When we consider the idea of family, the idea of generational impact should be a bigger topic.
Typically, we tend to think about having kids, raising them, getting them to soccer practice, navigating school, and paying for college. We hope to enjoy grandkids too.
But we usually don’t think about how our parenting affects generations ahead.
Consider this illustration from the life of King Solomon: Solomon was reported to be one of the all-time wealthiest men in the world. Some have estimated his wealth, in modern-day terms, to be in the trillions of dollars.
But that wealth came at a cost. Solomon entered into many marriage alliances. He had 700 wives and 300 concubines! In the moment, Solomon’s marriages might have seemed wise, even fun, but how did this impact his children?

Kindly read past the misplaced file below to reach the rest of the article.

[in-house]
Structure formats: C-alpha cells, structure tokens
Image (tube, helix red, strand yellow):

His son Rehoboam, who succeeded him as king, had 18 wives and 60 concubines. Rehoboam’s son, Abijah, reigned after him and had 14 wives himself.
Like father, like son. For three generations!
Let’s face it — we learn from our elders.
Generational impact requires a different type of long-term thinking. The decisions we make today will impact future generations far more than we think.
If we truly parented with future generations in mind, how do you think this would impact you?
“The decisions we make today will impact future generations far more than we think.”
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